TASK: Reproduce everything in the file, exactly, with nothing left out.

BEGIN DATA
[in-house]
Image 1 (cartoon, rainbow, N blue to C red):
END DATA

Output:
[in-house]
Image 1 (cartoon, rainbow, N blue to C red):